Sincerely,

Mavis in Iceland


Dear Mavis,

Welcome to the soul mate club! We're happy you've taken time out of your busy schedule of lying on top of your new partner to write to us. But now, your question.

You know you've met the one when you wake up one morning and there is a person either lying directly on top of or underneath you. Say hello. Introduce yourself and get ready for the most awesome time of your life as you embark on your life as half of a couple sandwich.

Sincerely,

Stock Photo Feet Couple

Wednesday, December 4, 2013

My Wisdom Tooth Has Become Sentient and All of Its Thoughts Are Murder

MURDER.


















Things have been pretty lame recently. Like, super lame. Lame like your game freezing right before you hit a save point, but lamer.

For starters, doing my day [rhymes with knob] is like being stung by a thousand bees all over my body every single day. Every morning I wake up and think, "Is it time for the nightmare scorpions again?" and then I cry for two hours and think about death. I just wanted to clear that up in case my enjoyment levels of my [also rhymes with sob] were in question.

Secondly, one of my wisdom teeth is coming in. But if my mouth is a party, this tooth is like that guy who shows up three hours late with an open bag of Sun Chips and then drinks the last of the vodka before falling asleep someplace weird, like the hall closet. In other words, it's impacted. There is no room for it to come in. The pressure in my other teeth is causing headaches every single day. I'm in paaaain! This is what pain feels like.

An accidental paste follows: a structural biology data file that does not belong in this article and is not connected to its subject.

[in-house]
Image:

But the far worse part of this story is that the wisdom tooth has become sentient and all of its thoughts have turned to murder. 

On the subway platform this morning, I was waiting for an elderly woman to get off the train, and the woman standing behind me on the platform looked at me like, "Well, what are you waiting for?" and then shoved past me to get on the train. My tooth said, "KILL HER." But I told it to shut up and go back to putting pressure on my incisors like a good asshole tooth.

I was supposed to have the tooth taken out on Saturday. I made the appointment over a month ago. But when I called the dentist to find out the details earlier this week, they told me they had canceled my appointment. My tooth said, "KILL THEM. KILL THEM ALL." 

I know its thoughts because the tooth has grown into my brain and tapped into my cerebral cortex. This is what happens when your dentist makes you wait a month to get your tooth pulled and then postpones your appointment for another month, even though you told him that the tooth is giving you terrible headaches. The tooth turns into a giant dentist-sized asshole. This happens all the time, according to the Internet.